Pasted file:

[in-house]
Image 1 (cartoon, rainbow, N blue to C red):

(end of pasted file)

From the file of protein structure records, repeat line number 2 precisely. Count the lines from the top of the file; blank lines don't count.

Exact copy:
Image 1 (cartoon, rainbow, N blue to C red):